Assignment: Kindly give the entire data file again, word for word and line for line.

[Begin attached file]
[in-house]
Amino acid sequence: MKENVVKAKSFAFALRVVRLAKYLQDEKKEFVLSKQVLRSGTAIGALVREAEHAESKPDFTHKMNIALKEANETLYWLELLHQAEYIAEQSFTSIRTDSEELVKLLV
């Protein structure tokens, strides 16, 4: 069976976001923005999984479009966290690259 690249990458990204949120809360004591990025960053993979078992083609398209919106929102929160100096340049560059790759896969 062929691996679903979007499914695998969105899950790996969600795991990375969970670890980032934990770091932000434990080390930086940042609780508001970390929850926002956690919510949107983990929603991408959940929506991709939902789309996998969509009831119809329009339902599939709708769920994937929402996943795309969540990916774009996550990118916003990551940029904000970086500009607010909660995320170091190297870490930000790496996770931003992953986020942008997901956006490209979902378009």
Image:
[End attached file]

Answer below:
[in-house]
Amino acid sequence: MKENVVKAKSFAFALRVVRLAKYLQDEKKEFVLSKQVLRSGTAIGALVREAEHAESKPDFTHKMNIALKEANETLYWLELLHQAEYIAEQSFTSIRTDSEELVKLLV
């Protein structure tokens, strides 16, 4: 069976976001923005999984479009966290690259 690249990458990204949120809360004591990025960053993979078992083609398209919106929102929160100096340049560059790759896969 062929691996679903979007499914695998969105899950790996969600795991990375969970670890980032934990770091932000434990080390930086940042609780508001970390929850926002956690919510949107983990929603991408959940929506991709939902789309996998969509009831119809329009339902599939709708769920994937929402996943795309969540990916774009996550990118916003990551940029904000970086500009607010909660995320170091190297870490930000790496996770931003992953986020942008997901956006490209979902378009």
Image: